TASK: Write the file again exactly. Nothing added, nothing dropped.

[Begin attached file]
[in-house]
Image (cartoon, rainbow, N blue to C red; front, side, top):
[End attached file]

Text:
[in-house]
Image (cartoon, rainbow, N blue to C red; front, side, top):